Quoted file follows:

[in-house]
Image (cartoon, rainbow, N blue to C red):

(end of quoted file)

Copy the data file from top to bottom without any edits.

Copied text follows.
[in-house]
Image (cartoon, rainbow, N blue to C red):